Make One Shot Enough with High-Quality Vaccine Labels
It’s winter, and the good will of the holiday season is in full swing. As a vaccine manufacturer, using secondary vaccine labels on your syringes can help push your customers’ first-time success rate to near 100% — and maybe even spare you a visit from Scrooge’s foreboding ghosts in the middle of the night.
Preparation / Expiration Date
It’s always a good idea to state when a syringe was prepared and when it expires based on industry standards for the type of infusion inside the reservoir. This is especially helpful in stockpiling situations, where vaccinations are kept at ready, in case a risky viral infection breaks out. If the vaccine is unneeded, it may go into long-term storage, hopefully to be rolled out later, if the risk re-emerges.
How vaccinations are stored can have a big impact on their lifespan. How fast have those molecules been moving since they were created or sampled and injected in the syringe? The slower, the better. For example, with refrigerator storage, you still get spoilage pretty fast, but cryogenic storage can virtually bring things to a halt at the molecular level. Knowing the storage method for vaccine can be a key for evaluating both its efficacy and true expiration date.
Published on a National Center for Biotechnology (NCBI) website, researcher Eun Hee Chung’s study on vaccine allergies finds that “Currently, the increasing numbers of vaccine administrations are associated with increased reports of adverse vaccine reactions. While the general adverse reactions including allergic reactions caused by the vaccine itself or the vaccine components, are rare, they can in some circumstances be serious and even fatal.”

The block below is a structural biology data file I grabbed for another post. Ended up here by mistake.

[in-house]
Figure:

Examples of vaccine ingredients that could cause allergic reactions include: egg, gelatin, yeast, and latex. In addition to helping the vaccination go right on the first try, you can help spare patients the agony of allergic reactions, and, in turn, help reduce medical errors and preventable medical costs.
Reading the contraindications for a vaccine can spare recipients confusion. For example, if you sell a flu vaccine, stating the medicine isn’t for immediate relief of flu symptoms may be an appropriate contraindication for educating patients, lest they receive flu shots, don’t start feeling better rapidly, and thus consider the vaccine a failure, when the magic potion is designed to prevent contracting the virus, and creating a milder version of the virus if contracted.
Get Vaccine Labels Here
We know you probably have a vaccine labels supplier for your syringes, but do you have a supplier of secondary vaccine labels who can increase the quality of your product by arming your customers with helpful information, knowledge that could mitigate medical errors, reduce unnecessary medical costs, and prevent injury claims?